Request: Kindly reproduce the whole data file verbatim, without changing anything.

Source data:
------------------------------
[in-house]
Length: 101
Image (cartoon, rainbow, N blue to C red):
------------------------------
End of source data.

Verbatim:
[in-house]
Length: 101
Image (cartoon, rainbow, N blue to C red):